SABC board ‘out to lunch’

Transformation at the SABC seems complete. Where, before 1994, it was the mouthpiece of a ruling party that paid its own bills, it is now the mouthpiece of a ruling party that must dip into the public purse to keep it going.

It seemed for a while, after 1994, that all would be different. Very capable people, both editorial and commercial, were employed at the new-look SABC.

The promise was of editorial quality and commercial sustainability. But, one by one, the quality journalists and managers left. The broadcaster descended into an editorial and financial quagmire.

Post-1994 we have seen a flourishing of writing, music and other arts. South Africans have celebrated their culture as never before. But the SABC has been absent from these celebrations. Where it could lead, it has not even followed.

With vast resources and monopolies in key areas, you would think that, just occasionally, it would come up with a compelling piece of journalism, a talked-about series or a must-watch show.

I have long since stopped watching SABC but I am available to catch its programming on the recommendations of others. The recommendations never come.

News tsar Snuki Zikalala oversaw an ambitious empire which had pretensions of taking on the likes of CNN and Al Jazeera. The SABC spent big — R1-billion or so — on this vision, but did not think to secure a platform that would give it an audience of any real size.

They will tell you that SABC News International, to give its full title, had a business plan. Based on a conversation I had with Zikalala, it did not extend to working out where the commercial support would come from. His focus was content. Other people would bring in the revenue.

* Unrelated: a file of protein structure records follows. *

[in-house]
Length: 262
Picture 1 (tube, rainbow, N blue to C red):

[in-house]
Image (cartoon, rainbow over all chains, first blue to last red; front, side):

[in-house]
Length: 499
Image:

It seems to have been no more than “MTN will advertise”, but it appears that it was not worked out who would pick up the phone to invite MTN and others to do that.

Zikalala is seen widely as the cause of the train wreck that is the SABC. He is said to have had too much power and an unlimited cheque book. This was never my impression. Zikalala is astute in the machinations of corporate life and will have made sure that all key decisions had board support.

Now Irene Charnley has been brought in as the interim chairperson to try to get the train running again. She has a union background, but as an MTN executive she has achieved spectacular success. She recently cut her ties with MTN, where she ran its African operations, pocketing R1-billion for her trouble.

MTN has succeeded spectacularly on the continent, so presumably she is up to the job of chairing the SABC out of its mess. Her first priority has been to pay suspended chief executive Dali Mpofu to go away. Mpofu reportedly received a bonus in December of R2,1-million for 2008.

Now, in terms of the settlement, he will get R6,7-million based on what he would have earned if he served out his contract, R2,1-million to cover his legal fees and a R4,4-million restraint of trade so that he does not take his expertise to a rival. The total cost to the SABC includes a R5-million legal bill which the SABC has to foot. If there are problems at the SABC, from what I read, he says he is not to blame.

The SABC, meanwhile, is so broke that it did not have money to stump up the R4,4-million to keep Mpofu from competing with it. The department of communications will pay. Hooray.

But don’t blame Zikalala or Mpofu. Blame the board who put them in and allowed them to run the place into the ground.

More to the point, blame the ruling party for preferring patronage from the broadcaster above independence. If Charnley can do just one thing — re-establish the conditions that attracted quality journalists to go to work for the SABC after 1994 — she would have succeeded admirably. She will need President Jacob Zuma’s backing. Will he support the transformation of the SABC into a proud institution that can hold its head high?

Meanwhile, spare a thought for Mpofu. The Sunday Independent reported that he said he was owed R100000 in petrol money. That’s a lot of petrol. At R7,50 a litre, it buys 13300 litres of petrol. At 10 litres per 100km, this will get Mpofu 133000 kilometres, more than three times the circumference of the globe.

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